Being fat is not a compliment in the Bible. According to a verse in Deuteronomy in which the Children of Israel became satisfied – at least figuratively corpulent – apathetic to spirituality and morals – rebelling against their faith in God.
Now, researchers at Soroka University Medical Center and Ben-Gurion University in Beersheba have found a link between the environmental danger of air pollution and human fat cells. The research by a team at the hospital and two in the university won first prize at the Fourth International Congress on Occupational and Environmental Toxicology, the world’s leading conference on pollution in the environment, which recently took place in Portugal.
Particulate matter and other waste products in the air, water, soil or food can penetrate the human body through the skin, during swallowing and while inhaling.
Many studies have shown a significant association between exposure to air pollution and diabetes and cardiovascular disease, but the mechanisms in which these contaminants contribute to the development of cardiovascular disease are still being researched.
In the first study of its kind in the world, conducted under the auspices of Prof. Victor Novak, director of Soroka’s Center for Clinical Research; Prof. Asaf Rudich of the biochemistry department and Prof. Itai Klug of the geography department at BGU, the effects of air pollution on cells from the fat layer just below the skin and the lining of the abdominal cavity were examined.
The researchers, working with BGU doctoral student Lior Hassan, looked at a number of biomarkers that are signs of inflammatory fat tissue collected from patients undergoing abdominal surgery. New models were used to assess patients’ exposure to air pollution over a period of one to three weeks, six months and one year.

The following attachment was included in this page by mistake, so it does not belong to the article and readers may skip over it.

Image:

The study found that there is a link between air pollution and about 40 biomarkers in human fat tissue at various periods of time, indicating that the formation of fat exposed to air pollution is harmful to the body.
Body fat is an endocrine “organ” that has an effect on the rest of the body, said Novack, adding that fatty tissue exposed to air pollution appears to be activated.
This explains why some people who are overweight get sick and why others with the same lifestyle do not. Air pollution plays a role in activating the fat, making it active and causing disease, Novack explained.
As part of a follow-up study being conducted at Soroka, patients who will undergo abdominal surgery are being recruited using questionnaires that will make it possible for the researchers to assess their exposure to air pollution. The study will also take into consideration the patient’s habits, such as smoking, physical activity and time spent outside the home.
“The use of innovative models to test the effects of air pollution on cardiovascular disease and metabolism at the tissue level will enable us to improve the mechanistic understanding of the relationship between air pollution, the biology of fat tissue and metabolic function,” Novack concluded.